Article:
The Pardon of Marc Rich

My Reasons for the Pardons
by Bill Clinton

February 18, 2001

Because of the intense scrutiny and criticism of the pardons of Marc Rich and his partner Pincus Green and because legitimate concerns have been raised, I want to explain what I did and why.

First, I want to make some general comments about pardons and commutations of sentences. Article II of the Constitution gives the president broad and unreviewable power to grant "Reprieves and Pardons" for all offenses against the United States. The Supreme Court has ruled that the pardon power is granted "[t]o the [president] ..., and it is granted without limit" (United States v. Klein). Justice Oliver Wendell Holmes declared that "[a] pardon ... is ... the determination of the ultimate authority that the public welfare will be better served by [the pardon] ..." (Biddle v. Perovich). A president may conclude a pardon or commutation is warranted for several reasons: the desire to restore full citizenship rights, including voting, to people who have served their sentences and lived within the law since; a belief that a sentence was excessive or unjust; personal circumstances that warrant compassion; or other unique circumstances.

The exercise of executive clemency is inherently controversial. The reason the framers of our Constitution vested this broad power in the Executive Branch was to assure that the president would have the freedom to do what he deemed to be the right thing, regardless of how unpopular a decision might be. Some of the uses of the power have been extremely controversial, such as President Washington's pardons of leaders of the Whiskey Rebellion, President Harding's commutation of the sentence of Eugene Debs, President Nixon's commutation of the sentence of James Hoffa, President Ford's pardon of former President Nixon, President Carter's pardon of Vietnam War draft resisters, and President Bush's 1992 pardon of six Iran-contra defendants, including former Defense Secretary Weinberger, which assured the end of that investigation.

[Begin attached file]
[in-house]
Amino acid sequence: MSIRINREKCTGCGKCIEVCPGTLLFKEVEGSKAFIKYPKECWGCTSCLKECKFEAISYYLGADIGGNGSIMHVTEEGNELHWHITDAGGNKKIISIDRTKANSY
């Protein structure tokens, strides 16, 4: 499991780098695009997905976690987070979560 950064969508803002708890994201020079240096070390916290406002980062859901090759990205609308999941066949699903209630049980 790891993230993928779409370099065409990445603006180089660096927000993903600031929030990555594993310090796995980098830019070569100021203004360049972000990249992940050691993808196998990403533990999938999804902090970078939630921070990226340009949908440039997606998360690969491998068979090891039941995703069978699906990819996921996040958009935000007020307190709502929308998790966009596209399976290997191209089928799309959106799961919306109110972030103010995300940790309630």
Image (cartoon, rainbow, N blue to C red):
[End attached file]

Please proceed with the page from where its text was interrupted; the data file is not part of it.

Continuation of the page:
On Jan. 20, 2001, I granted 140 pardons and issued 36 commutations. During my presidency, I issued a total of approximately 450 pardons and commutations, compared to 406 issued by President Reagan during his two terms. During his four years, President Carter issued 566 pardons and commutations, while in the same length of time President Bush granted 77. President Ford issued 409 during the slightly more than two years he was president.

The vast majority of my Jan. 20 pardons and reprieves went to people who are not well known. Some had been sentenced pursuant to mandatory-sentencing drug laws, and I felt that they had served long enough, given the particular circumstances of the individual cases. Many of these were first-time nonviolent offenders with no previous criminal records; in some cases, codefendants had received significantly shorter sentences. At the attorney general's request, I commuted one death sentence because the defendant's principal accuser later changed his testimony, casting doubt on the defendant's guilt. In some cases, I granted pardons because I felt the individuals had been unfairly treated and punished pursuant to the Independent Counsel statute then in existence. The remainder of the pardons and commutations were granted for a wide variety of fact-based reasons, but the common denominator was that the cases, like that of Patricia Hearst, seemed to me deserving of executive clemency. Overwhelmingly, the pardons went to people who had been convicted and served their time, so the impact of the pardon was principally to restore the person's civil rights. Many of these, including some of the more controversial, had vigorous bipartisan support.